Yet despite already receiving treatment, another threat remained in her life—her home. Her living conditions made her highly prone to life-threatening infections, for which she had to be hospitalized several times. This affected so many aspects of Francis’ life, as she began missing school and days at her Compassion centre.
So, Compassion intervened, putting together a proposal to build a new bedroom for Francis, in which she would be safe and healthy. Beyond this, improved living conditions would mean that Francis could receive her dialysis treatments at home, saving her travel time and making her more comfortable.
Generous Canadian Compassion supporters stepped up to fund the construction. Today, Francis has a furnished bedroom where she is safe from infection and can receive dialysis.
“In my life, I have spent a lot of time in the hospital. I used to suffer relapses constantly. I always had to go to the hospital for my hemodialysis treatments,” Francis says. “Now that I have a new room, my health has improved. I am so happy for this new room. It is very pretty!”
Achille, 4, Burkina Faso
When Achille’s parents brought him to the local health centre, they received news no one in their remote village wants to hear: the local doctors weren’t equipped to treat him, and he needed urgent care in the capital city.
Achille had been in severe pain, crying when he needed to urinate. The local health centre diagnosed him with urolithiasis—a kidney stone blocking his urinary tract. Left untreated, the condition would continue to cause agonizing pain and could lead to a life-threatening infection.
The family started with temporary prescriptions to help ease the pain. Basic healthcare is free for children under five in Burkina Faso, but travel to clinics as well as certain medications aren’t covered, which is a huge barrier for families living in poverty. For Achille’s family, their meagre farming income was being drained to treat him, the seventh child in the family.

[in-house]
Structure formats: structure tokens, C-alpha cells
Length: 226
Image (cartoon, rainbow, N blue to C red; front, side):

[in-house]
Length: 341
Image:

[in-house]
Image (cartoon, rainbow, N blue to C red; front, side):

Just as they were starting to lose hope, staff from a new Compassion centre in their community came seeking to register children in the Compassion program. When they heard about Achille’s condition, they immediately began making a plan to help.
“Everyone at the project was involved to support Achille and his family. The church was committed to praying for his healing, as the centre staff investigated ways to transfer the boy to the capital city, Ouagadougou, for urgent surgery,” says Augustin, a staff member at the Compassion centre.
The COVID-19 pandemic presented unique challenges to caring for Achille, but the staff pressed on, especially as they saw his condition worsen.
Their time at the hospital was sobering. Achille shared a room with another child who tragically passed away after an unsuccessful surgery. “I was afraid,” says Achille’s mother, Seraphine. “I worried about Achille’s surgery.”
Thankfully, Achille’s surgery was successful. The surgeon removed a six-centimetre stone that had been causing all of his suffering.
Now, Achille is able to be an active, happy kid who dreams of becoming a famous soccer player. He also constantly reminds others to be vigilant in preventing the spread of COVID-19. “Achille always reminds me to wash my hands because of coronavirus,” says Seraphine. “He also warns the elders, ‘Don’t shake hands, there is a bad disease called coronavirus, be careful.'”
Every step of the way through Achille’s treatment, the Compassion centre was there to support the family, particularly as their income was affected even more by the pandemic.
“I thank God for healing Achille and I am also very happy that the Compassion staff intervened at the right time despite the pandemic,” said Jacques, Achille’s father. “They provided for everything we needed before, during and after the surgery. May God bless the church and the supporters for their love and care.”
This Christmas, you can give the gift of life-saving surgery to a child in need.
Photos and field reporting by Isaac Ogila (Kenya), Jehojakim Sangare (Burkina Faso) and submitted by Compassion centre staff (Nicaragua).